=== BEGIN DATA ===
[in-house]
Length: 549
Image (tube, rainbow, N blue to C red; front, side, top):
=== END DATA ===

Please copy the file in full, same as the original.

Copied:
[in-house]
Length: 549
Image (tube, rainbow, N blue to C red; front, side, top):